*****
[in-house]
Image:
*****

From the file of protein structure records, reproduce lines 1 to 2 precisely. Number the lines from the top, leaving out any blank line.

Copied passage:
[in-house]
Image: